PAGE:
How Political Cultures Produce Different Antibiotic Policies in Agriculture
HPRU EZI PhD student Stephanie Begemann wanted to provide an understanding of how different countries formulate and regulate antibiotic use in animals raised for human consumption.
She undertook a comparative case study, analysing historical documents from the 1950s to the 1990s from the UK, the first country to produce a scientific report on the public health risks of agricultural antibiotic use; and Sweden, the first country to produce legislation on the growth promotor use of antibiotics in food animals.
Stephanie uses Sheila Jasanoff's concepts of ‘co‐production’ and ‘political cultures’ to explore how both countries used different styles of scientific reasoning and justification of the risks of agricultural antibiotic use. For example, UK's political culture used ‘expert committees’ to remove the issue from public debate and to inform agricultural antibiotic policies. In contrast, the Swedish ‘consensus‐oriented’ political culture made concerns related to agricultural antibiotic use into a cooperative debate that included multiple discourses.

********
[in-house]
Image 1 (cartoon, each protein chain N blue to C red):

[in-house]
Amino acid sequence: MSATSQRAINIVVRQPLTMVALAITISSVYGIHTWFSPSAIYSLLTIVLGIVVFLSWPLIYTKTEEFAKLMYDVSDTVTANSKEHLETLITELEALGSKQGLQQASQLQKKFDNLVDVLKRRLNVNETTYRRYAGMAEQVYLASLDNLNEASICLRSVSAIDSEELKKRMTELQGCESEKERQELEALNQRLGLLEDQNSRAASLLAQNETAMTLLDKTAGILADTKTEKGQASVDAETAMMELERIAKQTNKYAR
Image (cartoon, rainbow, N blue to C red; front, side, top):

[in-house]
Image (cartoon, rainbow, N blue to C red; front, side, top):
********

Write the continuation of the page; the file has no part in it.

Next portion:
Understanding how national policies, science and public knowledges interact with the risks related to agricultural antibiotic use can provide valuable insights in understanding and addressing countries agricultural use of antibiotics.
For the full article, entitled: 'How Political Cultures Produce Different Antibiotic Policies in Agriculture: A Historical Comparative Case Study between the United Kingdom and Sweden', see: Sociologia Ruralis: Journal of the European Society for Rural Sociology.
Posted on: 06/02/2018